Translated from the Russian by Anna Kurkina Rush and Christopher Rush
Yury Tynyanov’s novel on the formative years of Russia’s greatest poet was first published in serial form between 1935 and 1943. Tynyanov pioneered a new kind of historical-biographical novel in Russia. ‘I begin,’ he wrote, ‘where documents leave off.’ In a blend of encyclopedic knowledge and creative imagination, he thrillingly brings early 19th-century Russia to life – Napoleonic invasion, rapid political change, and a vast gallery of characters, all representations of real life persons. Those who had a significant impact on Pushkin’s life include his unusual family, with its African blood stemming from his great-grandfather Abram Hannibal, Peter the Great’s protégé who became a distinguished engineer general; leading figures of state and Tsar Alexander I himself; educationists and teachers, peasants and writers, Pushkin’s classmates at the Tsar’s newly founded Lycée at Tsarskoye Selo. At the centre of it all is the growing Pushkin, explosive, unpredictable, totally absorbed, constantly scribbling verses, having relationships in his teens with women twice his age, living it up in the capital with hussars, actresses and exotic hostesses before being sent into exile for his reckless verse. Tynyanov’s novel not only captures Pushkin the impulsive, swift genius, but seems also, astonishingly, to contain his origins and kinship, his relation to Russian history, and his own future. Young Pushkin is the only novel in Tynyanov’s planned series on Pushkin’s whole life that he lived to complete, and it is his fictional masterpiece. This is the first English translation.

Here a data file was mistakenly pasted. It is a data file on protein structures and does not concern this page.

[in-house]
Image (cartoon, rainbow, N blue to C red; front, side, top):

‘A sparkling jewel of a historical novel.’– Simon Sebag Montefiore
‘A great Russian novel is now available to the English reading public, for which we must be profoundly grateful.’– David McLaurin, The Tablet
‘Vivid and fascinating … Young Pushkin is a pleasure to be savoured.’– Philippa Gregory
YURY TYNYANOV (1894–1943) was an influential literary scholar and critic of the 1920s and a leading member of the Formalist group before achieving renown as a writer of historical fiction. He is the author of three novels and a number of short stories and novellas. Keenly aware of the potential of the cinema, he caught the attention of Sergey Eisenstein, whose plans for filming the novel on Pushkin were forestalled by Tynyanov's death. Only one of his novels, translated as Death and Diplomacy in Persia, and two novellas (including Lieutenant Kizhe, subject of a symphonic suite by Prokofiev) have hitherto appeared in English.